City Commission delays decision on HERE @ Kansas parking ‘mess’ for second time

The HERE @ Kansas apartment and retail project at 1111 Indiana St. is seen looking south from the intersection of 11th and Indiana Streets, Monday, March 14, 2016.

The Lawrence City Commission delayed, for a second time, a decision on what commissioners and developers have called a “mess” of a parking situation for a large apartment and retail structure near Kansas University.

After hearing about a parking plan slightly revised from what it had been in January, commissioners again gave direction to developers on how they want it fixed before they’d approve it.

HERE @ Kansas is an under-construction development at 1101 and 1115 Indiana streets that comprises 624 bedrooms and approximately 13,500 square feet of retail space. Under the previous City Commission, it received an incentive package from the city including a 10-year, 85 percent tax rebate.

Developers’ original plan for an automated parking garage for the site was thwarted when the company building it went bankrupt in October. They’ve since been working on a solution to meet the city’s parking requirements with the already-constructed parking deck, which was not built to city standards for a self-park garage.

“This is just a mess I feel like I’m continuing to have to clean up,” said Vice Mayor Leslie Soden, after about two hours of discussion. “I do want to see the project successful, no matter how nasty I may say things. It was stuck in our laps, and we have to make the best of what we can.”

James Letchinger, the president of the company behind HERE, responded, saying: “This is a mess, and I wish I wasn’t involved in it, either.”

“We tried to give you every piece of documentation humanely possible to explain how this works,” Letchinger said. “We’re stuck. We’ve done everything we can to solve our problem.”

Letchinger proposed Tuesday operating the parking deck with valets, which would cut the number of spaces in the garage and put the development about 100 short of what the city requires. Because of the shortfall, Letchinger suggested filling only 592 of 624 bedrooms and not filling any retail space until more parking were secured. Letchinger said he’s close to proposing a solution that would create another 100 spaces, though he didn’t divulge details Tuesday.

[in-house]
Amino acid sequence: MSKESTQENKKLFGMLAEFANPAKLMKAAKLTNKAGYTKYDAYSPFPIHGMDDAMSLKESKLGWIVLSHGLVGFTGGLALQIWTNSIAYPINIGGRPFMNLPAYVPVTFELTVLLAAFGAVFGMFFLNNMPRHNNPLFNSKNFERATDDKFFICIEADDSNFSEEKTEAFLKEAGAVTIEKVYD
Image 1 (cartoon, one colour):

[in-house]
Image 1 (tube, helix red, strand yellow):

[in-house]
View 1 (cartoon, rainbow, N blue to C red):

Commissioner Matthew Herbert presented another option that the City Commission directed developers to plan: filling only 486 bedrooms and at least some of the retail space by the time the development opens this August. Herbert said he did not want 108 on-street spaces to be counted toward resident parking, but devoted to the retail.

“My concern is, this entire agreement was made with the city based on the notion of this being mixed-use,” Herbert said. “I’ve got to think the [Neighborhood Revitalization Act] would never have happened if they said, ‘Hey, we want to throw up an enormous apartment house.’ What I want to see happen is the mixed-use, from day one.”

Commissioners also told developers they didn’t want an entrance to the parking deck off 11th Street, and instead wanted vehicle elevators added into the garage for valets’ use.

Mayor Mike Amyx reiterated that he wanted the parking spaces and aisles in the garage to be built to city standards, saying, “I really believe in our code.”

But Letchinger said it was impossible with how the columns were built to make the spaces and aisles wide enough to meet code.

“What a mess,” Amyx responded.

The commission is expecting to see the issue again in two weeks, at the latest.

In other business, commissioners:

• Voted 5-0 to allow the Downtown Lawrence Farmers’ Market to move its Tuesday evening markets to the plaza area near the Lawrence Public Library, 707 Vermont St. Tuesday markets start May 3 and run from 4 to 6 p.m.